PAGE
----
It depends a lot on where you normally climb. On grit there are loads of times when only a cam would do.
Try other people's kit then buy what you've got on well with. You don't need to buy a whole set of cams, it's often a good idea to get small stuff from one range, big stuff from another range. Same is true of nuts, variety can be good. Don't get loads of big slings, cordlette and screwgates, learn to use your rope and travel lighter. Get long lightweight quickdraws, ideally plenty of sling-draws.
That means they're definitely worth looking at.
(Why there isn't more love for tricams around here, placeable as passive or camming pro, I still haven't worked out.)
>Why there isn't more love for tricams around here, placeable as passive or camming pro, I still haven't worked out.
Because there is only so much love to go around, and Blue Straggler has cornered the market in loving Tricams !
I'd echo the advice of trying to use other peoples racks before splashing out. Different people have different views on what is 'essential' to them
Nowt wrong with tricams.
On Masters Edge, nothing else will go except a 2 and a half!
Ps i cant do masters edge.
Ask your climbing partner what they don't have and buy that to compliment their rack. If you climb with lots of different people, then probably one half rope is a good investment, as many people only buy one and expect their partners to bring the other.
> For some reason I feel compelled to defend my position here. To me the argument that "they can save your life" is a bit silly - if that's the only rationale you have for using a particular piece of gear, for which alternatives exist.
If you're a novice who's still getting to grips with placing nuts quickly and safely in standard placements, then I'd say that trying to get equalized nuts in a horizontal break or stacked nuts in a parallel crack isn't a particularly safe option, and a novice trying to climb without cams on something like gritstone (which modern guidebooks will grade on the basis that a horizontal break or a parallel crack is a quick and easy cam placement) is probably going to dangerously sandbag themself fairly quickly.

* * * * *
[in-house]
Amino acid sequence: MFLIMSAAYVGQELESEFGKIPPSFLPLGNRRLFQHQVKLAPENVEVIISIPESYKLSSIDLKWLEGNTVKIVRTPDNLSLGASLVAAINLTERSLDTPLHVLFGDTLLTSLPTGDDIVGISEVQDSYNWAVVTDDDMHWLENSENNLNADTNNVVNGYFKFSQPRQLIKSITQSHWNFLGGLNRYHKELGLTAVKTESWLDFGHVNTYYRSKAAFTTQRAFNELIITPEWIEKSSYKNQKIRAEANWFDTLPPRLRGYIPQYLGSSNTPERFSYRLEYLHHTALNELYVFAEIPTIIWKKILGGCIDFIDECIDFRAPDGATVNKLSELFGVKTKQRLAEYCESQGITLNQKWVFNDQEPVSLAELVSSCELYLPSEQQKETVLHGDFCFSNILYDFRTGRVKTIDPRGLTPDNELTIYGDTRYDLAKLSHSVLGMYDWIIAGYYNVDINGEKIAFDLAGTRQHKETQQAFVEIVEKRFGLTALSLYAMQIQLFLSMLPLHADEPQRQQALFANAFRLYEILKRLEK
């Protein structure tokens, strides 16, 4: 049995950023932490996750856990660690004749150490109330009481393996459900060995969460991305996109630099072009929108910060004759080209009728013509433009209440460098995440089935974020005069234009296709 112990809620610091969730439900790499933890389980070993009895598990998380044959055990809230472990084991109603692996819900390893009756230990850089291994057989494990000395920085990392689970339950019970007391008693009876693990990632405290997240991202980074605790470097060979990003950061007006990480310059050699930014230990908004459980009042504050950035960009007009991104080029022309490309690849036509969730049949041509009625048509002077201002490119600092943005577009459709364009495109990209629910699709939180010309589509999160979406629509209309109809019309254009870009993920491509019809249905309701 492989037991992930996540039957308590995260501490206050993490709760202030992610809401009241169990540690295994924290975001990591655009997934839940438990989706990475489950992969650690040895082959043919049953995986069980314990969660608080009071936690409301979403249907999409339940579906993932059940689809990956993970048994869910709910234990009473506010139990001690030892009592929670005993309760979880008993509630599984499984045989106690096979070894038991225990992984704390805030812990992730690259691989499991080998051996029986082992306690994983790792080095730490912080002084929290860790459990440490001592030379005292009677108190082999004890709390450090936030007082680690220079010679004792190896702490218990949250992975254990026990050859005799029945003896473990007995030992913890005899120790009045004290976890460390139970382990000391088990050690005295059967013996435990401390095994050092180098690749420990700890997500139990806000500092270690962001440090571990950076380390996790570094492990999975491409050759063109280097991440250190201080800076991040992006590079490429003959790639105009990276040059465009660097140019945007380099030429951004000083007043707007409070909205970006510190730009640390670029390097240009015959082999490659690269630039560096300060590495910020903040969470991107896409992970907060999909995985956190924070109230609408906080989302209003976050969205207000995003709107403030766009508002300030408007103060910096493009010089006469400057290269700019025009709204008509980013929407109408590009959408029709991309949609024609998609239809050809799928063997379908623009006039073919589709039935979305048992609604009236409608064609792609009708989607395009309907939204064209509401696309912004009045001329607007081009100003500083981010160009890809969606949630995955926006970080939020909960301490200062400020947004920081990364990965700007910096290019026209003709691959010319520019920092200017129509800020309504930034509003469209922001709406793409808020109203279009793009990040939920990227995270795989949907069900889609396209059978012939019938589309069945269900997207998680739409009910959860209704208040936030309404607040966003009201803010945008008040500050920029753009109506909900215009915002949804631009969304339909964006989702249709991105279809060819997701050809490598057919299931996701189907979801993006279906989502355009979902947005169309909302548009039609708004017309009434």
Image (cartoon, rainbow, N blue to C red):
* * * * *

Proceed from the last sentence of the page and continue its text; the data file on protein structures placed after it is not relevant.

Er, last time I placed a cam? Every cam I place is because nothing else will do; that's why they exist!
Do people actually stack nuts?
Yes. A 'rock' and a hex in Opposition gives a good runner sometimes.
But what do i Know
> (Why there isn't more love for tricams around here, placeable as passive or camming pro, I still haven't worked out.)
Interestingly (or not) Go Outdoors have recently started stocking tricams. Is there a new dawn for tricams on the horizon?
If you have partners with gear, the least they will have is a set of nuts, so there's a double set already, right?
> Er, last time I placed a cam? Every cam I place is because nothing else will do; that's why they exist!
OK - I have to say I can't say the same. I'll use a cam in a parallel crack because it's quicker than stacking nuts, but the only placements I can think of where nuts won't go and cams will are flared ones. If I only ever used my friends for those then they wouldn't see much use. also - I'm not suggesting that anyone shuns cams - only that they learn to get the most out of passive gear before they start using them.
As for stacked, or opposed nuts not being trustworthy when placed by a novice - What gear is? There's at least as much chance of placing a friend badly as there is placing opposed nuts - it's not rocket science after all. If you learn this stuff early on then when you come to really need it, you won't be doing it for the first time.
Anyway, I'm not claiming to be an expert - this is what I think and why - it's just one opinion amongst several. I'm not trying to argue that there are no routes that cams are essential to protect - only that they're not the routes that people are going to be learning to place gear on.
All fair points, and to a large extent I agree with you. I've certainly seen a lot of beginners seduced by the "gadget factor" and (apparent) ease of placement of cams when there are better passive options nearby.
Passive gear is still the bread-and-butter of a trad rack, and I'll spend far more time with beginners seeking to perfect skills in placing these. But all gear has its uses and its limitations, and I don't think there is anything wrong with being shown those of a cam early in the journey. Rightly or wrongly, they are carried on pretty much every graded route nowadays.